Looking through walls and around corners with incoherent light

Looking through walls and around corners with incoherent light

Looking through walls and around corners with incoherent light:

Wide-field real-time imaging through scattering media

Ori Katz


, Eran Small

, and Yaron Silberberg

Department of Physics of Complex Systems, Weizmann Institute of Science, Israel [email protected]

† authors contributed equally to this work

Imaging with optical resolution through highly scattering media is a long sought-after goal with important applications in deep tissue imaging. Although being the focus of numerous works

1 was considered impractical until recently. Adaptive-optics techniques

, this goal


which are effective for correcting weak wavefront aberrations, were deemed inadequate for turbid samples, where complex speckle patterns arise and light is scattered to a large number of modes that greatly exceeds the number of degrees of control


. This conception changed after the demonstration of focusing coherent light through turbid media by wavefront-shaping, using a spatial-light-modulator (SLM)

6, 7

. Here we show that wavefront-shaping enables widefield real-time imaging through scattering media with both coherent and incoherent illumination, in transmission and reflection. In contrast to the recently introduced schemes for imaging through turbid media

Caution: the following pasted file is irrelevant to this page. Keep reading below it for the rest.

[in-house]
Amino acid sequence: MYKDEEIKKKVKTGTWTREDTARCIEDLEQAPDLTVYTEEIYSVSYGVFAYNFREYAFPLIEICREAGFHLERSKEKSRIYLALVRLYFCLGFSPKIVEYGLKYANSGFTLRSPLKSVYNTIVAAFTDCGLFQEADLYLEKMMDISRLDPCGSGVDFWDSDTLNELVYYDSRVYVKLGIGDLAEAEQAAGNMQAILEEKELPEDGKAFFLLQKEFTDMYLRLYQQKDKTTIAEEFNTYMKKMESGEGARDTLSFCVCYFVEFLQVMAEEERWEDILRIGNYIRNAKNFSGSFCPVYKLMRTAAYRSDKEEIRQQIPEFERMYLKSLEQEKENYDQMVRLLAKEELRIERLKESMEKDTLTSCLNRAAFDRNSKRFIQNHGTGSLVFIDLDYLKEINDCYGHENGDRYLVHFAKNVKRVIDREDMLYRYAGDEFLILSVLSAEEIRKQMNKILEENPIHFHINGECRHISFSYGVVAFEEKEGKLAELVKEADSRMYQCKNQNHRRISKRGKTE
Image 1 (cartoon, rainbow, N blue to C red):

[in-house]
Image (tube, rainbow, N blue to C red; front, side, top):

, our technique does not require coherent sources


, interferometric detection


, raster scanning

8-10, 14

or off-line image reconstruction


. Our results bring wavefront-shaping closer to practical applications, and realize the vision of looking

‘through walls’ and ‘around corners’



The ability to image through inhomogeneous media is extremely valuable in numerous applications, ranging from astronomic observation through the turbulent atmosphere to microscopic imaging in turbid tissues. Between these extremes exist various mundane tasks such as looking at foggy scenes or peeking through shower curtains. The reason that inhomogeneous media limit optical observation is that the random refractive index variations distort the spherical wavefronts generated by every point on the imaged object; resulting in a smeared (and sometimes speckly


) image (Fig.1a-b).

Here we present a technique based on high-resolution wavefront shaping

6, 7

that enables direct real-time wide-field imaging in three-dimensions of structures hidden behind highlyscattering and turbid media. Our technique exploits the angular range where a single wavefront correction holds, which is dictated in multiple-scattering media by the optical ‘memory effect’ for speckle correlations

16, 17


Remarkably, although wavefront-shaping is based on forcing constructive interference, our technique works for both coherent and incoherent illumination. The ability to image incoherently illuminated objects is an advantage, as it eliminates speckle imaging artifacts and is well-matched with the common light sources used in microscopy. Wavefront shaping has been recently shown to enable imaging with coherent illumination through turbid, nearly opaque samples